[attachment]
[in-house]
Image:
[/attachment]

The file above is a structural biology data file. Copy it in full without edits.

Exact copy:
[in-house]
Image: